·         The next word is appetite. Having an appetite means that you have a desire for food. If you haven’t eaten all day then you will have an appetite. If  you just had a big lunch then you would not have an appetite.

·         The next word is wholesome. Wholesome is something that helps to keep of improve the good condition of your body. A healthy lunch would be wholesome. Junk food would not be wholesome.

·         Famished is our next word. To be famished is to be suffering from extreme hunger. If you have not eaten in days, then you would be famished. If you had lunch, then you would not be famished.

·         Edible means that it is safe to be eaten. Fresh fruit is edible. Old, moldy fruit is not edible.

5. We will continue talking about the vocabulary words.  I will have students comment about each vocabulary word.  “Would a person who play sports be obese? Why or why not?  Who might be obese?” We will continue talking about the rest of the vocabulary words.

·         “If pizza was my least favorite food, would I devour it if we had it for lunch today?

·         “I just had a lunch full of fruits and vegetables. Was it a wholesome lunch?”

·         “I haven’t eaten in two days, what would I be? I would be famished and have an appetite.

·         “I bought bread at the store two weeks ago and there is mold growing on it. Is the bread edible?

6. I will have the students complete a sentence using the vocabulary words. (See below).


7. After completing the sentence sheet below, the students will read an expository text. I will pass out an article that includes at least one vocabulary word from today’s lesson.  “The article that was just passed out is called Ready, Set, Breakfast! We are going to read this story to learn more about the words that we just discussed.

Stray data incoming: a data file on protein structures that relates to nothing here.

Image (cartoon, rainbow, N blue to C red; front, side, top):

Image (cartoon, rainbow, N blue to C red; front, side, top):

·         “Who knows what the most important meal of the day is? What do you think may happen if you don’t eat this meal? Let’s read to find out!

·         The students will then read silently to themselves.


8. We will them discuss the text that the students read on their own

·         What are some great breakfast meals?

·         Why is breakfast so important?

·         Is it important to eat dinner as well?

·         Why do you think that breakfast is more important than any other meal?

·         What is one vocabulary word that you saw while reading?

·         How was this word used in the story?

·         What is the meaning of this word that was used?


9. The students will also have the opportunity to participate in an activity called, “Word Wizard.” The students will look for obese, devour, appetite, wholesome, famished, and edible outside of the classroom.  Each time the student sees the word in print they will earn one point. If the student hears it used in speech, they earn two points. If the student uses the word themselves (and it makes sense in context) they will earn three points. The points the students earn will be used to earn ranks.  Each student will be ranked on a chart in the class. The lowest level is apprentice. As students earn more points they will move up to word journeyman and eventually to word wizard.



Vocabulary Sentence Worksheet





Directions: Fill in the blanks with the vocabulary word list.


Words: Obese, devour, appetite, wholesome, famished, edible


1. The man is always eating and never exercises so he is ________________________.

2. The mushrooms that were _______________________ became poisonous.

3. We were starving after being stuck in the snowy cabin so we __________ our meal.

4. The food is plentiful and very ______________________.

5. I have not eaten all day so I have a big _______________________.

6. My brother was ____________________ after three days of no food. 


Answers: 1. Obese 2. Edible  3. Devour  4. Wholesome  5. Appetite     6. Famished 







1. Can something be wholesome and famished?

2. Can a person have an appetite and devour?

3. Can a person fast and devour?

4. Can a person have an appetite and be obese?

5. Can a person be wholesome and famished?

6. Can food be edible and have nutrition?










Making Sight Words by Bruce Murray

 Cosper, Liz. Auburn University. Very Valuable Vocabulary-- Click here to see this lesson

Expository Text: